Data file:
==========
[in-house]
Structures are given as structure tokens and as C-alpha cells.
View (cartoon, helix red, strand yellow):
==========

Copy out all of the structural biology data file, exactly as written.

[in-house]
Structures are given as structure tokens and as C-alpha cells.
View (cartoon, helix red, strand yellow):